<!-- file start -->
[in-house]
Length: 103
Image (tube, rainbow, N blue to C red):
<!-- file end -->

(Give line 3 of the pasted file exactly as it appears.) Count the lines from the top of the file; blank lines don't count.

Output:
Image (tube, rainbow, N blue to C red):